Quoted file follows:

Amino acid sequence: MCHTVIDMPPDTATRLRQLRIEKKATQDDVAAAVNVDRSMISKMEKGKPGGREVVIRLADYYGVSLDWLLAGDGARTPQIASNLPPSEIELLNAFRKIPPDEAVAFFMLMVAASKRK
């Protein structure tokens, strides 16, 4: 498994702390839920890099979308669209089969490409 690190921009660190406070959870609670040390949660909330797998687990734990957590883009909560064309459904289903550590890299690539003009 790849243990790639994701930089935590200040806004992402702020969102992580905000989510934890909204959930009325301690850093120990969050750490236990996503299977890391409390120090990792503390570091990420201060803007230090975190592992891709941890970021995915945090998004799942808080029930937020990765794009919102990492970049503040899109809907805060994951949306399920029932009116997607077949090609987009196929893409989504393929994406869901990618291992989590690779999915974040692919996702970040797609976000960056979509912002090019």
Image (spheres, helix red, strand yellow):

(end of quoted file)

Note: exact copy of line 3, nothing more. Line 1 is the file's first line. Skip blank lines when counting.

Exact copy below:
Image (spheres, helix red, strand yellow):